Holiday Baking (despite the craziness)

This weekend, my weekend with the kids and a holiday weekend, we’ve done yard work, had a family outing to an old school arcade, colored Easter eggs, baked (Well, I  baked, the kids not so much.), did the Easter basket tradition, and are about to attend Mass and head to a big family dinner. Yet it somehow feels like I haven’t accomplished enough. Final exams loom, I’m about to graduate with my bachelor’s degree in biochemistry…but I’ve got one more lab write up, a homework assignment, and a final to get through first. That’s the cloud that hangs low and heavy over this weekend. (And my fairly legitimate excuse for the terribly infrequent postings around here.)

Balancing working enough to support my household of six, meeting ALL the needs, and giving time and attention to my classwork is a massive challenge, one that requires constant focus and re-calibration. Somehow I’ve gotten this far and done decently well at it. Most the time. Sometimes it makes me a less than enthusiastic parent. I’m not fostering the pre-holiday excitement or planning fancy coordinated outfits for my five  (not so) small ones like I once was. But there is one holiday tradition I’ve managed to maintain, one of my favorites, the holiday baking.

I know it seems like baking holiday treats is something I do for others…It’s not. Don’t be fooled. It’s a totally selfish thing I do. I bake what like for holidays and don’t do other things so I can get the baking I want to do done. Baking has always been a comfort thing for me. It’s a soothing ritual when I’m stressed or upset and a productive distraction when I’m bored or anxious. I think this (past) weekend I was all of the above. So I baked.

This year the emergent theme of my holiday baking was fruits and vegetables. Don’t worry though, it wasn’t healthy. I made pineapple upside down cake, carrot cake, and that blueberry cheesecake from last Easter.

Pineapple upside down cake is one of my mom’s classics. She makes it in a cast iron pan with this amazing gooey brown sugar goodness crystallized on top just under a layer of juicy baked pineapple rings. My mom usually makes this at Easter but decided we probably had enough desserts without it this year. I noticed fresh pineapples on sale on one of my many weekly grocery store runs and had seen a bundt cake pan version of the old cast iron classic that I wanted to try. And thus pineapple upside down cake was added to my baking list.  Like I said, this is selfish baking here!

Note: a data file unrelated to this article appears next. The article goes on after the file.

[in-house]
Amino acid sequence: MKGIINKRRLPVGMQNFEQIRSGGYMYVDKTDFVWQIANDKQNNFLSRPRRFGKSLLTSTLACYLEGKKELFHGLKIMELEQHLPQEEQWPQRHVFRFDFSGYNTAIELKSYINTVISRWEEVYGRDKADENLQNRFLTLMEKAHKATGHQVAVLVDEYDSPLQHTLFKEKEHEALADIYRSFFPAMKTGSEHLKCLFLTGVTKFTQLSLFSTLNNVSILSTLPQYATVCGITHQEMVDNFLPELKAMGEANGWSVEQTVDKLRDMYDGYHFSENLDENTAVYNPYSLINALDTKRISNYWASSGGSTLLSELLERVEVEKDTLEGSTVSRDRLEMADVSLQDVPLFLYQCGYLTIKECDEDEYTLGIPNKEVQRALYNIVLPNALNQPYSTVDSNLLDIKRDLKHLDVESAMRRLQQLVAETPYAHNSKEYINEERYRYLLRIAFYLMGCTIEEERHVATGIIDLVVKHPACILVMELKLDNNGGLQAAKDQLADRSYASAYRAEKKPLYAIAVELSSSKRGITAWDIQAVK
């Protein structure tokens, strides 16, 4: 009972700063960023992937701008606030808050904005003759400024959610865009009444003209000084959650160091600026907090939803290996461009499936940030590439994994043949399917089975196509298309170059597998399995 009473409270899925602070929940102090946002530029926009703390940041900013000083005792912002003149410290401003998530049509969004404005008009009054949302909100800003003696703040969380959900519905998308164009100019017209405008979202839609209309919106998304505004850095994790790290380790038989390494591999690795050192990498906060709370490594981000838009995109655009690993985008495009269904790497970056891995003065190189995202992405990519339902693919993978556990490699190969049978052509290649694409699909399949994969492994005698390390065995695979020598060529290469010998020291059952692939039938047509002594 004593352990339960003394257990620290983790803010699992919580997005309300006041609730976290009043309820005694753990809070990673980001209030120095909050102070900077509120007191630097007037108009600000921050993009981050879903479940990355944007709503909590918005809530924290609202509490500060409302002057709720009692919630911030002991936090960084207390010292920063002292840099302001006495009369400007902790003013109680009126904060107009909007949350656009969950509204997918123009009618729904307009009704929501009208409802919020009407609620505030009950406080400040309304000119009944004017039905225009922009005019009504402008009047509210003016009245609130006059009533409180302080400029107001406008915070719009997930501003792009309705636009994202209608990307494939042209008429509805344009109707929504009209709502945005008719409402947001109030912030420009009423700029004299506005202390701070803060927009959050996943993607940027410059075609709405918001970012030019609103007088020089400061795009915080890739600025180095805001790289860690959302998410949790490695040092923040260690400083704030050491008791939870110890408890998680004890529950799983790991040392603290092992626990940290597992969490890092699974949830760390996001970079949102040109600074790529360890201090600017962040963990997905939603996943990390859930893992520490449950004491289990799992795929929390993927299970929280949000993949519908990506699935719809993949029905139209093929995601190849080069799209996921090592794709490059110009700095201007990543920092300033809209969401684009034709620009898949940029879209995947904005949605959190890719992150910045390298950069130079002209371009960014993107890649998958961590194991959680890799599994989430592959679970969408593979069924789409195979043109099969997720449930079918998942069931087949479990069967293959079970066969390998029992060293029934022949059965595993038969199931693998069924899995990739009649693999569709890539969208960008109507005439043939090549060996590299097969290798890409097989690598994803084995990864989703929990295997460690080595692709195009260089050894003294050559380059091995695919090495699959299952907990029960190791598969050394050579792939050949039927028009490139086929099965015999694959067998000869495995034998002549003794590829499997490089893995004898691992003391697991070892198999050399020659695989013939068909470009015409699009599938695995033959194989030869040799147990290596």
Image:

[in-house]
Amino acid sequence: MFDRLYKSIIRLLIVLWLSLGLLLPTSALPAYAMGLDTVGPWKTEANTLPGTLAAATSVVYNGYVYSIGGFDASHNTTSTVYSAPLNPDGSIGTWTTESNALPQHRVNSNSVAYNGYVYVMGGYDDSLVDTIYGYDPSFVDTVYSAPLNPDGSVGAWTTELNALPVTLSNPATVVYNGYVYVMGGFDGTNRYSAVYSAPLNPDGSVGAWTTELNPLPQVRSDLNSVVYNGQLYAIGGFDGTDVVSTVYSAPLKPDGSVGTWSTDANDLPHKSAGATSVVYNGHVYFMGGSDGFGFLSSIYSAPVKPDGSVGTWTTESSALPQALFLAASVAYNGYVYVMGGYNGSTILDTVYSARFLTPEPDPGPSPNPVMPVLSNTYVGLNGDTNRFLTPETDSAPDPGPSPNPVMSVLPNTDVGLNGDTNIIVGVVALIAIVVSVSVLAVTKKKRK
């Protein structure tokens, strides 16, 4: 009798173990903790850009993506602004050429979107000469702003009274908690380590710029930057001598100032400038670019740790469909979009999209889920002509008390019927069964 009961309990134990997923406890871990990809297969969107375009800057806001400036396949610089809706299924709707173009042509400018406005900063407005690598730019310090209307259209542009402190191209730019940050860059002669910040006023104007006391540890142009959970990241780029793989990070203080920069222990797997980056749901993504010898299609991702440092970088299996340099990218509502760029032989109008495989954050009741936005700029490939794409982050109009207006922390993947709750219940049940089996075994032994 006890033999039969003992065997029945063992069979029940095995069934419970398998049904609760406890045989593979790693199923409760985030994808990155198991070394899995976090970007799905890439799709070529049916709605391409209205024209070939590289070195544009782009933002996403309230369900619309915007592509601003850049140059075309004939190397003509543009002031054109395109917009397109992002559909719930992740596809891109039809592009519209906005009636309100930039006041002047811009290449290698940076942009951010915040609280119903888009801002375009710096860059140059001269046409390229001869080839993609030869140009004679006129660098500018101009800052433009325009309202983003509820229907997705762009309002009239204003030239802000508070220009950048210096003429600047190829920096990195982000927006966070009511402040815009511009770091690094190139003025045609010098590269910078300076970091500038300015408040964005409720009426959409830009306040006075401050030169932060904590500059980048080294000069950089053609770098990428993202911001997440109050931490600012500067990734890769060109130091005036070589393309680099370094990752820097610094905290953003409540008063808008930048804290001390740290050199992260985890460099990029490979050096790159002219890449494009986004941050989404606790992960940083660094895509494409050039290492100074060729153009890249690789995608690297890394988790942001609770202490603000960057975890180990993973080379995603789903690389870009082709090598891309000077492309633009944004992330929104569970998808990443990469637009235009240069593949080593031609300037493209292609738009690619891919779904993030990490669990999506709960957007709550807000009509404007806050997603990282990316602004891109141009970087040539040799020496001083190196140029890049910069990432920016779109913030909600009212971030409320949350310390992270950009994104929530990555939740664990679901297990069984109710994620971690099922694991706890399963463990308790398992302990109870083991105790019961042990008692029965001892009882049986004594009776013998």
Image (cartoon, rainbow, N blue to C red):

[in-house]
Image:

Having never made my mom’s version of the cake I’m not sure how close this one was but I used a recipe found online. The melted butter and brown sugar went into the bundt pan first and then pineapple slices and cherries (which my mom never used). The cake batter gets poured over that, it’s all baked, and then flipped out. Easy peasy!

No really, this was quite easy to make. I’d recommend it. The only changes I made to the recipe were using fresh pineapple which I mashed up real good and, because I was concerned about the moisture level of the batter, an added splash of rum. I only had coconut oil on hand so rum seemed like a good balancing liquid. One of my sisters commented that the cake had a vague pina colada taste….maybe next year I’ll be sharing my magical upside down pina colada cake recipe with you all. We’ll see. ūüėČ

Unlike pineapple upside down cake, carrot cake is one of my favorite desserts to make (and to eat too). I started making it back in my early twenties when I was married. And, actually, carrot cake is responsible for my cheesecake baking obsession too.

My ex-husband’s birthday is in December. The first year we were married I wanted to do something fun and special for his birthday. I got tickets to a Piston’s game and planned to make his favorite dessert…but I didn’t know what that was so in the weeks leading up to his birthday I asked what kind of cake was his favorite. I swear he said cheesecake. Swear it! I had never made one before but had seen my mom make a classic New York cheesecake every year at Christmas for as long as I could remember. It never looked that hard. So I pulled out a cookbook, scanned the recipe, bought ingredients, and started a cheesecake a half hour or so before we had to leave for the game. I thought I could just whip it up and bake it real quick before we left so it would be cooled and ready to eat when we got home. It was going to be great and he was going to love it!

Except it takes way longer than half an hour to bake a cheesecake. Apparently my reading ahead and planning skills were even worse when I was 20 than they are now.

The result was a soupy mess of a cheesecake AND then, come to find out, my then new husband didn’t even like cheesecake very mush. He says he told me carrot cake was his favorite. There is no way he said carrot cake. Maybe he meant carrot cake but he said cheesecake. After that fiasco I decided I was going to master the art of cheesecakes. I’ve made many successful cheesecakes over the past sixteen years. I think I’ve succeeded. At some point after that I got a great carrot cake recipe from a co-worker and got pretty good at that too.